Agencies find tangible success on 508

Agencies find tangible success on 508

Craig Luigart, chairman of the Section 508 Steering Committee, says 'people have a natural desire to make the law work.'

Congressional mandates usually tell agencies to manage what Education CIO Craig Luigart calls white space'that
is, business processes or issues. And that's often why agencies fail to comply with them.

Section 508 is different. It requires tangible results and visible benefits, something agency officials recognized from the start.

Section 508 of the Rehabilitation Act Amendments of 1998 requires agencies to make federal Web sites accessible to users with disabilities and to make sure all new IT purchases meet accessibility standards for their employees, starting last June.

Hands on

That's why, many officials said, agencies have more successfully complied with Section 508 standards than with just about any other congressionally sponsored edict.

'508 is a people issue and one that everyone can directly relate to,' said Luigart, who's also chairman of the Section 508 Steering Committee. 'There are a lot of mandates that are processes and make sense but cross major cultural, legacy and bureaucratic boundaries. You can't feel the impact of those like you do with this one.'

Many officials compare Section 508's requirements to those of the Americans with Disabilities Act because both delivered concrete changes. ADA, for instance, required wheelchair ramps in all public buildings. Section 508 does the equivalent for the digital world, said Lew Oleinick, on detail from the Office of Management and Budget as special assistant to Luigart.

Much of this success can be credited to Luigart's steering committee, according to several other government sources. The committee, made up of volunteers from the 12 largest agencies, helped maneuver the government through the uncertain future of setting up and complying with the standards. Its regular meetings were especially important during the first months leading up to implementation, officials said.

'508 [involves] so many areas, such as procurement, IT, civil rights. These people never have been in the same room together,' said a Justice Department official who works with 508 compliance and asked not to be identified. 'The committee was able to bring everyone together, and with that much energy things start to happen.'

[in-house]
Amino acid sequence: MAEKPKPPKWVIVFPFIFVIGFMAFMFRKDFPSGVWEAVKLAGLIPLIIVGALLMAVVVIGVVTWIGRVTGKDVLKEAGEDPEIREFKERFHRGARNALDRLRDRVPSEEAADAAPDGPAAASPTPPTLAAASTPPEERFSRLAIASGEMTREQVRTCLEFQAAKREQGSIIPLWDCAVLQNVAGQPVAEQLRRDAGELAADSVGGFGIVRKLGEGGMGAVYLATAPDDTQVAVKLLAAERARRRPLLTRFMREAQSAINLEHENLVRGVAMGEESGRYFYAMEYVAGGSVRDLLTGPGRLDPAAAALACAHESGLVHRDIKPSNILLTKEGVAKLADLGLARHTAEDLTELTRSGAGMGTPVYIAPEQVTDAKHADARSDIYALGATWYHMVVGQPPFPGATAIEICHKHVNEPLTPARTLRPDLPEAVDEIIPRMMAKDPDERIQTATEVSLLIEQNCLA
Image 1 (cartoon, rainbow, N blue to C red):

Soon agencies found that making some changes'such as re-coding Web sites to include tags that let software text reader programs read images as text'was neither difficult nor costly, the official said.

The Committee also helped focus the Section 508 Web site,, to make sure a single message was being sent to the agencies.

'We created a strong consensual opinion and guidance that would be on the Web site,' Luigart said. 'Our outreach and training also had to be unified so we didn't step on each others' toes, and the Web site helped do that.'

Private-sector support

Industry's acceptance of Section 508 standards also made a difference, said Terry Weaver, director of the General Services Administration's Center for IT Accommodations. 'Vendors were not trying to figure out how to get around it or undo it, and that was important,' she said.

Finally, many officials pointed to the standards themselves as a spur to compliance.

Dennis Cannon, an accessibility specialist with the Access Board, an independent federal agency devoted to accessibility for people with disabilities, said the standards were written by technical people for technical people who would understand them.

The standards also told agencies what the final product had to do, but not how to do it, he added.

'We made sure we put engineering types on the standards committee because these are the people who will be solving the problems,' Cannon said. 'We tried to run a fine line,' between a highly specified standard and a performance standard that emphasizes results.

Luigart said outreach and training remain constant hurdles because program mangers need to continue adhering to Section 508.

'508 is a living law,' he said. 'People have a natural desire to make the law work, and they recognized we should hurdle it sooner rather than later.'

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